And during those 10 years of riding the bus I had only two different bus drivers. One of the drivers was Louise Henson and the other was Doris Teague.
Sadly, it has been years since Mrs. Henson passed away. When she was the driver, her son Mike who is a few years older than me also rode her bus.
As I weighed less than a hundred pounds soaking wet, he used to refer to me as pencil neck. Of course he did this quietly enough that his mother couldn’t hear it. The result of that action would have gotten him some trouble when he got home.
It’s funny how we remember the weirdest things. I haven’t seen Mike in years. I hope he is doing well. But the years have changed me enough that pencil neck wouldn’t quite fit the description of my 51-year-old neck.
The only other bus driver I ever had was Doris Teague. Mrs. Teague and her family lived not far from us in the Keithsburg Community.
I received a letter the other day from Mrs. Teague.
She was writing to tell me that she enjoys reading my column as she knows many of the people that I write about. Several people have written after a particular column. But I believe she is the first to write me about the column in general.
Her letter was greatly appreciated and very humbling. Anytime someone mentions the column it’s borderline embarrassing because I am not a writer. I’m just a rememberer. You won’t find rememberer in the dictionary. It’s just one of those words I made up.
But hearing from someone like Mrs. Teague was especially humbling. You see, her family has been around here for a long time. She and her husband raised a brood of beautiful young women.
As a teenage boy, girls were always a hot topic. And when talking about the Teague girls, you couldn’t say the pretty one.
They were all pretty. So anytime boys would talk about one of the Teague girls, you had to be specific.
But more than outward beauty, those girls were good girls. They were and are a product of their raising. And Mrs. Teague must know when she sees their lives that she was and is a good mama.
Mrs. Teague drove a school bus for years. I remember seeing it parked by their house on Ball Ground Highway. They had a farm across from where Buffalo’s now sits. And that’s where they raised their girls.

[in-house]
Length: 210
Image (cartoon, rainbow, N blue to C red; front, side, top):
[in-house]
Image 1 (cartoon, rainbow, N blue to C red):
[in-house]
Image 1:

This was a time before cell phones and cameras mounted inside the buses. We didn’t need a camera. We had Mrs. Teague.
If she said sit down we knew that’s what she meant. And back then, disobeying the bus driver was no different than disobeying the principal of the school. We kids were held accountable without our parents making pitiful excuses for us. But those days are long gone.
I feel certain that Mrs. Teague drove our bus out of love for children. I seriously doubt it was for the money. But it allowed her to be close to our generation and the generation of her girls.
There had to be days when she simply didn’t feel like doing it, but she was always there getting kids safely to and from school.
School bus drivers are some of the most underappreciated people in the entire workforce. With the huge increase in traffic nowadays, it’s a dangerous job.
And now we put cameras on school buses so we can have documentation in case there is an incident that occurs on the bus.
In my day, we had bus monitors. That was the kid that sat up front with the driver and told on the kids that were misbehaving. Bus monitors probably didn’t get invited to a lot of parties as their pool of friends was somewhat shallow.
I, too, got to sit up front on Mrs. Teague’s bus a few times. No, I wasn’t the bus monitor. I was the one the monitor told on.
You have noticed I have only referred to her as Mrs. Teague. That’s how I was raised.
But I want to thank her for getting me to and from school safely for years and holding me accountable.
She is always remembered fondly.
Chris Collett is a lifelong resident of Cherokee County.